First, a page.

Outdoor air pollution continues to be widely reported in the media with concern in particular over diesel particulates. However, whether pollutants are accrued in a person from indoor or outdoor air pollution it has an impact on their health.
In indoor air we are regularly exposed to a variety of potentially hazardous chemicals. More than 90% of our pollutant exposures come from sources that are close to us, yet are largely unregulated and unmonitored.
The primary sources of exposure are our indoor environments (homes, workplaces, schools, public buildings, shops, transport, health care facilities and others) and the products and practices inside those environments: consumer products, building materials, furnishings and personal activities.
We live in a world in which man-made chemicals have become a part of everyday life.2
Close to 800 chemicals are known or suspected to be capable of interfering with hormone receptors, hormone synthesis or hormone conversion. However, only a small fraction of these chemicals have been investigated in tests capable of identifying overt endocrine effects in intact organisms. The vast majority of chemicals in current commercial use have not been tested at all.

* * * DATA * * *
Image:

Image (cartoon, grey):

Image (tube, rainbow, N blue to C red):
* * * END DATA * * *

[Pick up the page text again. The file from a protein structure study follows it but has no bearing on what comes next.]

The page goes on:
Since 2002, a large number of chemicals other than Persistent Organic Pollutants (POPs) have been identified as Endocrine Disrupting Chemicals (EDCs), and these include chemicals that have very different properties, sources and fates in the environment compared with POPs. EDCs are both man‐made and natural. Some are found in a large variety of materials, products, articles and goods. They may also be by-products formed during manufacturing or combustion of wastes. These chemicals are also subjected to biological and environmental transformations that may form other EDCs. EDCs are found among many classes of chemicals, including POPs, current-use pesticides, phytoestrogens, metals, active ingredients in pharmaceuticals, and additives or contaminants in food, personal care products, cosmetics, plastics, textiles and construction materials. Once released into the environment, the more persistent chemicals can be carried by air and water currents to remote locations, and many can be biomagnified through food webs to high levels in humans and other top predators. Other chemicals have shorter life spans in the environment but are regularly released in effluents, in agricultural runoff or from urban environments, resulting in high environmental levels near the sources